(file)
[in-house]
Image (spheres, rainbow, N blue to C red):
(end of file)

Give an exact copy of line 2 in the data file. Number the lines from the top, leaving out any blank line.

Image (spheres, rainbow, N blue to C red):